Dependency Injection and Dependency Injection containers are two completely independent concepts. You can do Dependency Injection without a Dependency Injection container, and you can use a Dependency Injection container without doing Dependency Injection. Here’s how I classify the combination of values:
|No DI Container
|Service Locator Anti-Pattern
|Manual Dependency Injection
|Enhanced Dependency Injection
Let’s take a look at each quadrant:
Spaghetti Code (No DI & no DI container used): Consider the spaghetti code metaphor for a moment. What does a metaphoric strand of spaghetti represent in software system? A spaghetti strand is a unit of code [which likely serves as a dependency for some other unit(s) of code]. So spaghetti code then is where many units of code (i.e. dependencies) are intertwined throughout the system and are difficult to separate from the whole (just list spaghetti strands on a plate of spaghetti). The system is highly coupled, and it’s difficult to change a single unit of code without changes rippling throughout the system. So why do I refer to code written without Dependency Injection as spaghetti code? Without DI, construction (and lifetime) concerns are mixed with application logic concerns. As a result, most units are likely to be highly coupled with several other units. Often the coupling is so high that nearly everything is transitively dependent on nearly everything else. DI is the antidote for highly-coupled code.
[Update: My use of the spaghetti code metaphor was not without controversy. For further discussion of this issue, see this follow-up post.]
Service Locator Anti-Pattern (DI container used without DI): As Mark Seeman notes, Service Locator is an anti-pattern. A Service Locator causes a class to, as Misko Hevery says, lie about its dependencies. The use of a Service Locator is the “look, don’t ask” school of design rather than Dependency Injection’s “ask, don’t look” philosophy. In other words, with Dependency Injection, a component “asks” for its dependencies (typically by requiring them in the constructor) rather than “looking” for them (such as by querying a Service Locator / Registry / Context). Service Locators make for a confusing experience for the client. Just say no to the Service Locator abomination.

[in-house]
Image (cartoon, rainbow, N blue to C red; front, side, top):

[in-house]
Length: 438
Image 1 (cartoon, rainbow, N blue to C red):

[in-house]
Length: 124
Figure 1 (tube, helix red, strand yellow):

Manual Dependency Injection (DI used without a DI container): DI at its core is about creating loosely coupled code by separating construction logic from application logic. This is done by pushing creation of services to the entry point(s) and writing the application logic so that dependencies are provided for its components. The application logic doesn’t know or care how it is supplied with its dependencies; it just requires them and therefore receives them. The ‘Manual’ in the name means that dependency creation isn’t automatically handled. In other words, you have to write code to instantiate the dependencies.
Enhanced Dependency Injection (DI using a DI container): The point to realize here is that Enhanced Dependency Injection is still Dependency Injection. The important part is the “Dependency Injection” part, not the “Enhanced” part. The enhancement is that the dependencies are automatically resolved (i.e. created) for you. That is, you don’t have to write code to instantiate the dependencies. If you’re doing Dependency Injection right, whether you are doing Manual Dependency Injection or Enhanced Dependency Injection, almost all of your code looks *exactly* the same, differing only at the entry point(s). References to your container should be very isolated, occurring only near the entry points. The entry points are the only places that should be aware that you are using a container. Everything else just gets supplied the required dependencies and doesn’t know or care where they came from. Let me emphasize: a container shouldn’t affect the structure, design or implementation of your code except in a few isolated, well-defined places. In other words, whether or not you are using a container is irrelevant for nearly all of your code. A container does indeed buy you some convenience and some additional functionality. But there’s no tool that can make your code Dependency Injection ‘compliant’; that is up to your design of the classes and their relationships, and that is the important part.
Getting started with Dependency Injection
My recommendation is to start with Manual Dependency Injection. Forget about the tools (that is, DI containers). Learn the basics, and understand the technique. Learn Dependency Injection in a containerless way first. As a side-benefit, when you work in a world where containers are not very prevalent (such as PHP, C++ or Objective-C), you’ll have no problem creating a loosely-coupled system by applying Manual DI.
Once you get how to apply the technique, then take a look at what a tool can do for you. You’ll be able to apply to use the tools much more effectively by understanding the technique first. I’m not knocking DI containers but simply stating that to make effective use of any tool, you have to know how and when to apply it.
When combined with good OO design and an understanding of what to inject and what not to inject, Dependency Injection is the best technique that I know to produce loosely-coupled, testable software. Learn how to create loosely coupled systems with Manual Dependency Injection. Don’t let a tool blind you to the technique.